Ehlers Danlos Syndrome is considered to be a chronic illness. This means that it is persistent and does not go away. There is currently no cure for EDS. With that being said, the goal for those with EDS is to manage their symptoms. The most common treatments for Ehlers Danlos Syndrome include physical therapy to strengthen muscles and reduce the risk of dislocation and other injuries, wearing braces or splints, steroids, pain medications, surgery, and various lifestyle changes such as avoiding contact sports.

7. People who have Ehlers Danlos constantly suffer with chronic pain 

People with EDS experience chronic pain. This pain can be widespread or in a specific limb or joint and ranges from joint, muscle, and nerve pain. Those with EDS also commonly experience chronic headaches or gastrointestinal pain. With that being said, most people with Ehlers Danlos regularly take medication to try and manage their chronic pain.

8. It can be incredibly hard to get a diagnosis 

There is an old saying commonly taught in medical school that says "when you hear the sound of hooves, think horses, not zebras." This essentially means that if a patient is presenting symptoms for a large variety of medical conditions, it is more likely that is not something rare. Because EDS is considered to be a rare condition, doctors are often very hesitant to diagnose a patient with it. People with Ehlers Danlos Syndrome (myself included) are often misdiagnosed with medical conditions such as amplified pain syndrome, depression, chronic fatigue syndrome, insomnia, and hypochondriasis. There are only a handful of doctors in the country that specialize in diagnosing Ehlers Danlos. The most common way to diagnose Ehlers Danlos Syndrome is through genetic testing.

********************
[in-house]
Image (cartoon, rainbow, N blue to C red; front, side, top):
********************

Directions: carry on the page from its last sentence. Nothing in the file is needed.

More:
9. People with Ehlers Danlos Syndrome get hurt more often and heal slower